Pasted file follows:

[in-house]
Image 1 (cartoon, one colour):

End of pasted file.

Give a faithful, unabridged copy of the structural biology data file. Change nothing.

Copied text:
[in-house]
Image 1 (cartoon, one colour):